phases, phase ratio of 1:1, Cu concentration of 3 g/l,
3 mmol/l total ammonia concentration, water pH of 8.43
and beta-D ketone concentration in organic phase of 20 %
(volume fraction), ammonia in the water phase was far less
extracted by the organic phase (only 14.5 mg/l), while the
copper extraction rate was 95.09 %. Table 2show the
general characteristics of the chelate type extractors used in
the extraction of copper from an ammoniacal solution [20].
Extraction Mechanism
In general, extraction equilibrium between Cu
2?
and a
chelation extractor is as follows:
Cu2þaqðÞþ2HR orgðÞ$CuR2orgðÞþ2HþaqðÞð17Þ
Table 2 Characteristics of copper extractors from ammoniacal
solutions [20]
Beta-D-ketone Hydroxeme Property
Moderate Strong Extractive strength
Excellent Good Ease of stripping
Low Moderate Viscosity
Very low Low Ammonia loading
Very good Very good Selectivity of copper
Fast Fast Kinetics
Good Good Stability
Very good Good Phase separation
Very high Very high Copper complex solubility
J. Inst. Eng. India Ser. D (October 2013–March 2014) 94(2):95–104 101
123
If the aqueous solution contains copper and aluminum
ions, in sufficiently high pH levels where free ammonia is
released, amine complexes will be formed in aqueous
phase as follows:
Cu2þaqðÞþmNH3aqðÞ$Cu NH3
ðÞm½
2þaqðÞ ð18Þ
When the phases contact, ammonia in aqueous phase
may be extracted in the form of [Cu(NH
3
)m]R
2
(org)
expressed as follows:
Cu NH3
ðÞ
2þ
m
hi
aqðÞþ2HR orgðÞ
$Cu NH3
ðÞ
2þ
m
hi
R2orgðÞþ2HþaqðÞ ð19Þ
in which HR(org) represents extractor in the organic phase,
CuR
2
(org) extractor-copper complex in organic phase,
[Cu(NH
3
)
m
2?
](aq) amine-copper ion complex in aqueous
phase and [Cu(NH
3
)
m
2?
]R
2
(org) extraction compound of
Cu(NH
3
)
m
2?
and extractor in the organic phase [31].
Ammoniacal Leaching of Other Elements
In addition to studies on copper, ammonia leaching has
been used to recover some other basic elements.
Manganese nodules are in fact Ferromanganese oxide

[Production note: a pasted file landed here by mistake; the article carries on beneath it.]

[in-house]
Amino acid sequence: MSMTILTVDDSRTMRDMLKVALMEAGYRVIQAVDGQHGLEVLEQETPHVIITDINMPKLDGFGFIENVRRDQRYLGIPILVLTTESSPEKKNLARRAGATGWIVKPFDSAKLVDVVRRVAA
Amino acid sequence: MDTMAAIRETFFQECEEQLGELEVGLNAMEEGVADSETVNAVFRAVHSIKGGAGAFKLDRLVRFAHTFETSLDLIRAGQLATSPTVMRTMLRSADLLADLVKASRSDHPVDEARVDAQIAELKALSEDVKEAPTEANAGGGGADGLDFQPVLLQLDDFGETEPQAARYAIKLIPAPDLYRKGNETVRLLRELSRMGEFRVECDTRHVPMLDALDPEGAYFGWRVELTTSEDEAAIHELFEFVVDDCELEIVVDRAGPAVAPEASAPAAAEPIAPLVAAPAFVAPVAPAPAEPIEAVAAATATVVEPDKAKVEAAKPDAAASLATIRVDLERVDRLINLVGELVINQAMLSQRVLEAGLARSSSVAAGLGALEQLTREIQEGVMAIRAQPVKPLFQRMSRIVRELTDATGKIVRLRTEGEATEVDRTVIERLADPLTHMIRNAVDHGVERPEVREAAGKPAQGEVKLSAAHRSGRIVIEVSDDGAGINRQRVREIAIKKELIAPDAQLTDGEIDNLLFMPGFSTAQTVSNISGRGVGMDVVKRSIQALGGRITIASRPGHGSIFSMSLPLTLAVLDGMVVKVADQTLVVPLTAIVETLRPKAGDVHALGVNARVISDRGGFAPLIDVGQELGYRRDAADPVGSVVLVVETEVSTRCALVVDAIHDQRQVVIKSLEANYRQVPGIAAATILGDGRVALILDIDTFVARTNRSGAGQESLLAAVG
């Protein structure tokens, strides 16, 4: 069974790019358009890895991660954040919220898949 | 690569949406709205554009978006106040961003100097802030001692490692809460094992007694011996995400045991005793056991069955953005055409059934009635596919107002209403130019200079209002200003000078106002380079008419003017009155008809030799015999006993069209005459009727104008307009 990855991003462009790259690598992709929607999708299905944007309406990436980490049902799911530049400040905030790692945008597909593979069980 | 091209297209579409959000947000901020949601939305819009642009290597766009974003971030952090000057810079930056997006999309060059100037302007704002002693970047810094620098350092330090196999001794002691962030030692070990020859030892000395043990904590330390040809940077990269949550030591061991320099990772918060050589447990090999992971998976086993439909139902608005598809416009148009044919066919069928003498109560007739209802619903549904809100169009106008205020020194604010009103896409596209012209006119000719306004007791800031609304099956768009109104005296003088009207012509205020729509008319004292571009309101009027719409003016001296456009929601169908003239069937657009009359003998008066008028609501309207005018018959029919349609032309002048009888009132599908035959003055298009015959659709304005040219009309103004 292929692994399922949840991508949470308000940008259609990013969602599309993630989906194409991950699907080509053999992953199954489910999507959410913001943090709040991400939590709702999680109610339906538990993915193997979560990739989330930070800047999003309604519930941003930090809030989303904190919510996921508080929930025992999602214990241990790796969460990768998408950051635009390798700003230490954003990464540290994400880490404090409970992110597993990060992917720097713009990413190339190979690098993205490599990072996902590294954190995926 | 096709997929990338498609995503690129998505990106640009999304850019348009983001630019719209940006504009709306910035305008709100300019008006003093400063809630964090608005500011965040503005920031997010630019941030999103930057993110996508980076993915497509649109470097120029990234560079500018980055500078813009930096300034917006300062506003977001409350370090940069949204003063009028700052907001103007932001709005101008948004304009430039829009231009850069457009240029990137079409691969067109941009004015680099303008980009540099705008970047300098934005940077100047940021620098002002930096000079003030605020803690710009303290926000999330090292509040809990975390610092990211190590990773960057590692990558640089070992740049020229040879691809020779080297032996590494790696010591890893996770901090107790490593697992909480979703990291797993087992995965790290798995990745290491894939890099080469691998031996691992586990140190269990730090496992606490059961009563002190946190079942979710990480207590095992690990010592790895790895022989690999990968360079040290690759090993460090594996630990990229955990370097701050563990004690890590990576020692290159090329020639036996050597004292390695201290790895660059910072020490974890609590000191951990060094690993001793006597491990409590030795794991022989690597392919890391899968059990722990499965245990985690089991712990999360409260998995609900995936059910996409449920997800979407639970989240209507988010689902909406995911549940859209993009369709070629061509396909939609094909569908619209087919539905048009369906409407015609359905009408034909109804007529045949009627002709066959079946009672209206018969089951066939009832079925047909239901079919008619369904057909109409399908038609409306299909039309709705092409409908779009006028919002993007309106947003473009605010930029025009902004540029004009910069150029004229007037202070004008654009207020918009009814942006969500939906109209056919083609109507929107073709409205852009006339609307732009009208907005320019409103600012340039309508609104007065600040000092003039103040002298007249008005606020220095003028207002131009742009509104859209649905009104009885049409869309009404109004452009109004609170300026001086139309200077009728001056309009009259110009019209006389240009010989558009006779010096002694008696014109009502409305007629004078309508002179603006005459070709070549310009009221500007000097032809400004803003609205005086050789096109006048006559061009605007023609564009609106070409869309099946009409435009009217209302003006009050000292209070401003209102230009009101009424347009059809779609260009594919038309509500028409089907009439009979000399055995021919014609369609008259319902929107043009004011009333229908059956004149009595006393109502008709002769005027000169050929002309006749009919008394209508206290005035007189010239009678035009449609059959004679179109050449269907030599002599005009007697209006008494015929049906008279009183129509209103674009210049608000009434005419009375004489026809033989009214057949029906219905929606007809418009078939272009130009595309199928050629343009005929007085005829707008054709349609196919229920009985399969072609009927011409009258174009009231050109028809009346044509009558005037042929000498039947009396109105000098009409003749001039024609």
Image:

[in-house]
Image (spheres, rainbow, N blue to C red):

ores containing copper, nickel and cobalt. These metal
oxides have been reported mainly in lateritic iron and
manganese minerals. Crushing these laterites using pyro-
metallurgy reduction or hydrometallurgical reductive dis-
solution is an important step for proper recovery of
precious metal. Therefore, the recovery process of man-
ganese nodules has been studied in two ways:
a. Initial pyrometallurgical preparation and then perform-
ing the metallurgical process.
b. Performing the hydrometallurgical process alone.
Initial pyrometallurgical preparation operations often
involve melting, reduction-roasting, sulfidation and chlo-
rination. Reductive dissolution takes place by Hydrochloric
acid, sulfuric acid, ammonia, etc. in the presence or
absence of reducing reactants such as sulfur dioxide, pyrite,
sodium sulfide, charcoal, alcohol, etc. [3234].
In research conducted for processing of manganese
nodules by ammonia leaching [3537], after reductive
roasting of the sample for releasing precious metal oxides
from manganese and iron oxide phase, reduction operations
were done to form copper, nickel and cobalt metals and
facilitate their ammonia leaching. During the ammonia
leaching process, in addition to dissolution of precious
metals such as copper, nickel and cobalt as stable amine
complexes, the dissolution of unwanted metals such as iron
and manganese was also prevented. Overall flowsheet of
this process is shown in Fig. 8.
Ammonia leaching has also been used for recovery of
nickel and cobalt from oxide, sulfide and complex ores. For
example, the so-called Caron process was developed to
recover nickel and cobalt from low-grade ores such as
lateritic ores with an ammonia–ammonium carbonate
solution. This process involves reductive roasting of nickel
ore followed by leaching using ammonia–ammonium
Fig. 8 Flowsheet of precious
metals’ recovery from
manganese nodules of the ocean
floor [35]
102 J. Inst. Eng. India Ser. D (October 2013–March 2014) 94(2):95–104
123
carbonate compound, commercially adopted in Nicaro in
Cuba, Marinduque in the Philippines and Queensland in
Australia [38].
Cadmium, gold and silver are other precious metals of
which ammonia leaching has been studied, although none
of the innovative processes used for their recovery has
found industrial application [3943].
Summary
In this review, various topics related to ammonia leaching
of copper have been studied. The history of this process,
different methods involved in it, the advantages and dis-
advantages, kinetics, Purbeh diagram, the way to extract
copper from the pregnant solution obtained and extraction
agents used are different issues described in this paper.